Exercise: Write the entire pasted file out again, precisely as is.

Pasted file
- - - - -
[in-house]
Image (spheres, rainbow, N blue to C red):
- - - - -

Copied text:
[in-house]
Image (spheres, rainbow, N blue to C red):